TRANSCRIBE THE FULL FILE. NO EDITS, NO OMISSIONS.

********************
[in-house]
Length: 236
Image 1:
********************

[in-house]
Length: 236
Image 1: